With Access-A-Ride service quality in a monthslong slump, the MTA is considering putting more money in drivers’ pockets to boost the paratransit system’s reliability, THE CITY has learned.
Among the ideas being mulled, advocates said, are proposals to pay for drivers’ bridge and tunnel tolls to help them avoid traffic on local roads — and dole out per-trip bonuses to improve performance that, in recent months, has been at its lowest level in years.
“I just want Access-A-Ride to do one thing right,” said Krista Simeone, 32, who takes paratransit to travel between her home in Flushing and job in Kew Gardens. “But at the moment, they’re not doing anything right.”
THE CITY reported last month that the service for commuters with limited mobility has been hit by a wave of driver no-shows, longer wait times to book rides through call centers and on-time performance rates that fall short of goals.
“I’ve waited two to three hours for a ride,” said Patricia Washington, 64, of Inwood, as she waited for a paratransit ride Thursday outside the Columbia University Medical Center in Washington Heights. “It’s outlandish the way they leave the patients.”’
An agency spokesperson confirmed that several potential fixes are being looked at in an effort to stem the slide, but declined to provide specifics. MTA board members are expected to address paratransit performance issues at public meetings on Monday and Wednesday.
“It’s important that we find new creative ways to do things,” Victor Calise, an MTA board member and commissioner of the Mayor’s Office for People with Disabilities, told THE CITY. “I’m hearing everything is on the table.”
Jean Ryan, a paratransit rider and head of the advocacy organization, Disabled in Action, told THE CITY that one option being looked at is having drivers’ tolls paid for, instead of having drivers cover the costs themselves.
“We’ve been complaining for years that on the broker services, the drivers do not want to take a tunnel or a toll bridge,” said Ryan, a motorized wheelchair user who lives in Bay Ridge, Brooklyn. “They instead go into slow traffic to get us to our destination.”
New MTA documents point to a slight decrease in driver no-shows between September and October, as well as an uptick in on-time performance, improvements credited by the MTA to recent hiring campaigns.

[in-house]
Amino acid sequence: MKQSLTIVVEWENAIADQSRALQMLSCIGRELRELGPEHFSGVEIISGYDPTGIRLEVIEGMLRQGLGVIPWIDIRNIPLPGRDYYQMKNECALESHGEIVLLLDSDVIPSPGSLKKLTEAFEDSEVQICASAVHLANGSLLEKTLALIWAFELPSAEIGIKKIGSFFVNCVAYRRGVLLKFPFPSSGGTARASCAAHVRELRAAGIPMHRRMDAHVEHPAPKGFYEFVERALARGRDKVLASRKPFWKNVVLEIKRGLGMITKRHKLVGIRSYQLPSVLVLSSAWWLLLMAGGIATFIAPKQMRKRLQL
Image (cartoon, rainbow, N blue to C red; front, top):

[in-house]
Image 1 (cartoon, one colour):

While sign-on bonuses of up to $2,000 have been offered to help fill the driver shortage, Ryan said another possibility is broker companies paying per-ride bonuses to incentivize those behind the wheel.
“It would mean drivers would be motivated to take the fastest way, and not the slowest way,” she said. “They would have skin in the game.”
The MTA said last week it would extend into next year a popular e-hail pilot program that, since 2017, has expanded to 1,200 paratransit riders who can book on-demand accessible taxi rides for $2.75 through mobile device apps. Other Access-A-Ride users must book trips in advance 24 hours.
A memo sent to participants in the e-hail program quoted Quemuel Arroyo, the MTA’s chief accessibility officer, as saying, “We recognize the value of this program and look forward to planning the future of the program over the months ahead.”
The efforts to turn around Access-A-Ride service come as passengers have returned to paratransit service at a higher rate than on the MTA’s commuter railroads, subways and buses, ridership data shows. There were close to 23,000 scheduled paratransit trips last Wednesday, according to the MTA, about 73% of a comparable pre-pandemic day.
Joseph Rappaport, executive director of Brooklyn Center for Independence of the Disabled, credited THE CITY’s reporting for bringing attention to the ongoing struggles of Access-A-Ride customers.
“They’re not getting rides, especially after hours and outside of Manhattan,” he said. “So we’ve gone back to the horror-story days, where people just wait and wait and wait or don’t even get picked up at all.”
In the Heights, Washington said she’s been stranded by Access-A-Ride enough times that her children sometimes pay for her to take an Uber.
“It’s that bad,” she said. “It really is that bad.”